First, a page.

The embodied invention can be affixed to the outlet box 3 in the above described manner, by using snap-on mechanisms of the type shown at 28 and 41, barbed anchors of the type shown at 30, 42, 43, 49 and 52, spring loaded elbow clamps of the type shown at 47, or any other mechanical means including pressure, heat, or chemical adhesion or any combination thereof. Likewise, the internal components shown at 9, 10, 11, 12, 13, 14, 15, and 18 in FIG. 3 and the faceplates shown by example at 32 and 54 can be mounted to the back plates shown by example at 19 and 48 by using screws, snap-on mechanisms, barbed anchors, spring loaded elbow clamps, or any other mechanical means including pressure, heat, or chemical adhesion or any combination thereof. Likewise any fully enclosed assembly of the embodied invention like that shown by example in FIG. 8A, FIG. 8B, and FIG. 9 can be mounted to the receptacle using any of the above described methods or by applying sufficient pressure to the barbed anchors or snap-on connectors at 49 and 52 to ensure that the assembly tightly couples to the outlet box as shown in FIG. 7.
The list of components that are displayed in the drawings include a signal and low voltage transformer 9, transformer wires 10, supporting electronics 11, RJ-11 12 and RJ-45 13 communication jacks, power receptacle extensions at 14 and 15, an upper face plate snap-on clip 16, lower face plate snap-on clip 17, life line battery backup assembly 18, miscellaneous electronic hardware and printed circuit boards 27, upper receptacle screw 20, upper receptacle screw assembly 21, face plate screw 22, face plate screw assembly 23, lower receptacle screw assembly 24, lower receptacle screw 25, and a cut-out view of an unspecified building wall material to illustrate placement of the outlet box. These components are shown by example to illustrate the general concept of the embodied invention and are not intended to limit the components that can be housed by this invention. The RJ-11 and RJ-45 jacks are at 12 and 13 are presented in FIG. 3 only to illustrate placement of communication jacks that interface to conventional devices; this example does not limit the type of communication jacks that can be used by this invention or by the claims of this invention.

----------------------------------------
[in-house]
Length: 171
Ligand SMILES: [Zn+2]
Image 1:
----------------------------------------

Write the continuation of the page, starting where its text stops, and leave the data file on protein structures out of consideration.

FIG. 5 illustrates the insertion of a life-line support battery 36, a face plate illustration 32 with communication plug slots 34, power outlet slots 35 and holes that provide keyed access to the release clip 33. The access lid for the battery backup system, shown by example on the top 53, side 38, and front 37 of the faceplates, can be placed anywhere on the housing assembly. FIG. 6A, FIG. 6B, FIG. 7, FIG. 8A, FIG. 8B, and FIG. 9 illustrate several mechanical form factors that this invention may assume. FIG. 6A illustrates a typical stand-alone duplex power outlet embodiment of this invention with a matching duplex face plate 39 and top mounted access lid for the life line support battery 37. FIG. 6B illustrates a power outlet embodiment of this invention with multiple duplex receptacles with a matching faceplate 40 and side mounted access lid for the life line support battery 38. FIG. 8A and FIG. 8B illustrates a form factor that occupies only half of a conventional duplex power outlet receptacle 54 and a front mounted access lid for the life line support battery 53. These illustrations show that the this invention can assume any form factor and use any combination of upper, lower, left, right, and center receptacle in an outlet box. The device may include 1 or multiple receptacles of any type, including specialized outlets for dryers or other unique outlet types and foreign types of outlets. For example, if the original wall-box supplied conventional 110V 15 A duplex power, the same would be available on the outside of the housing of the device. The same applies for any and all other forms of outlets available.